Protein-truncating mutations in ASPM cause variable reduction in brain size.

Bibliographic Collection: 
MOCA Reference, APE
Publication Type: Journal Article
Authors: Bond, Jacquelyn; Scott, Sheila; Hampshire, Daniel J; Springell, Kelly; Corry, Peter; Abramowicz, Marc J; Mochida, Ganesh H; Hennekam, Raoul C M; Maher, Eamonn R; Fryns, Jean-Pierre; Alswaid, Abdulrahman; Jafri, Hussain; Rashid, Yasmin; Mubaidin, Ammar; Walsh, Christopher A; Roberts, Emma; Woods, C Geoffrey
Year of Publication: 2003
Journal: Am J Hum Genet
Volume: 73
Issue: 5
Pagination: 1170-7
Date Published: 2003 Nov
Publication Language: eng
ISSN: 0002-9297
Keywords: Amino Acid Sequence, Base Sequence, Brain, Chromosomes, Human, Pair 1, Codon, Nonsense, Consanguinity, DNA Mutational Analysis, Exons, Frameshift Mutation, Genes, Recessive, Haplotypes, Humans, Intellectual Disability, Introns, Male, Microcephaly, Microsatellite Repeats, Mutation, Nerve Tissue Proteins, Pakistan, Phenotype, Polymorphism, Genetic, RNA, Messenger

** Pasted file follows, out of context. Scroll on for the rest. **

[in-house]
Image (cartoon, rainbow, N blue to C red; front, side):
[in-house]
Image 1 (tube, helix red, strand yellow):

Mutations in the ASPM gene at the MCPH5 locus are expected to be the most common cause of human autosomal recessive primary microcephaly (MCPH), a condition in which there is a failure of normal fetal brain development, resulting in congenital microcephaly and mental retardation. We have performed the first comprehensive mutation screen of the 10.4-kb ASPM gene, identifying all 19 mutations in a cohort of 23 consanguineous families. Mutations occurred throughout the ASPM gene and were all predicted to be protein truncating. Phenotypic variation in the 51 affected individuals occurred in the degree of microcephaly (5-11 SDs below normal) and of mental retardation (mild to severe) but appeared independent of mutation position.

DOI: 10.1086/379085
Alternate Journal: Am. J. Hum. Genet.